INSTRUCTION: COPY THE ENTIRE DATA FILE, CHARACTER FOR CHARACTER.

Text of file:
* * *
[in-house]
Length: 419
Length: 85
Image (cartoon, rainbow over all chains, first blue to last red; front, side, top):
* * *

[in-house]
Length: 419
Length: 85
Image (cartoon, rainbow over all chains, first blue to last red; front, side, top):